• Sixes tend to look for hidden agendas sometimes unnecessarily. Nines tend to look on the bright side to a fault. It would be mutually developmental in a complementary way if each would consciously seek the other to fill in the flip side and create a more balanced perspective. 
  • According to Enneagram theory, both Sixes and Nines have a connection to the achievement-oriented Three. They can support each others' development by encouraging the up side of their Three connection, stimulating each other to action, accomplishments, and success. For example, they could set deadlines for a mutually valued project and hold themselves and each other accountable to meet specific milestones. 
  • Nines need to assert themselves more, speak up for themselves, confront others directly. Sixes do this more readily. Together, they can observe and discuss how to model for and learn from each other: 
The Nine can openly appreciate and imitate the Six's courageous action by being more assertive, while simultaneously helping the Six know when to draw the line between challenging someone and suggesting a solution.

The Six can acknowledge and imitate the Nine's patience and graciousness in sometimes giving others the benefit of the doubt, while simultaneously helping the Nine distinguish between self-effacement and diplomatic problem-solving.
  • Sixes will recognize when they're upset. Nines have a tendency to "merge" with the partner, and may find their own feelings emerging in response to a problem the Six is experiencing:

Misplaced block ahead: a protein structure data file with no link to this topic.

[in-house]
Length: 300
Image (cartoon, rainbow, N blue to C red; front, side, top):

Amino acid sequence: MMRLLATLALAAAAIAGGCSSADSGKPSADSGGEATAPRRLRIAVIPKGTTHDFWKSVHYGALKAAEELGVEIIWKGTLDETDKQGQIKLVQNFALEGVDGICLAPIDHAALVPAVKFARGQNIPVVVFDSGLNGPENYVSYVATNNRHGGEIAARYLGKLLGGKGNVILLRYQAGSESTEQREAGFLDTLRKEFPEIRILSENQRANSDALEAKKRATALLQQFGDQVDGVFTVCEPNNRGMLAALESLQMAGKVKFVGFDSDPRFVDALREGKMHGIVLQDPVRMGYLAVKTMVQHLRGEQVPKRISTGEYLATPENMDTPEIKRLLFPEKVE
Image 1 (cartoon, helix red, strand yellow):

In response to these emerging feelings, Nines may withdraw into their own feeling state and/or want to talk about their own feelings and similar experiences, leaving the Six feeling stranded. The Nine may also take on the Six's problem, playing the role of intermediary in order to seek harmony or stability. It's mutually developmental if the Nine's own feelings are kept separate and the Nine acts as a sounding board for the Six, then encourages the Six to decide what to do (it's important for Sixes to experience their own potency).
Subsequently they could focus on discovering and dealing separately with the Nine's own feelings ("Why did I react so strongly? What must I be feeling deep inside?"). At this point, the Six could be the sounding board for the Nine.
Use the principles of mutuality to seek interactions that simultaneously develop yourself and the other person in all your relationships, using the above examples from the Six/Nine interaction to stimulate your thinking.

Mutuality is a reflection of the shared belief that both people in a relationship can grow, as reflected in this quote from Thomas Moore:
Friendship is the container of soul [and] the soul requires many varieties of vessels and many kinds of spaces in order to work day by day with the raw material life serves up.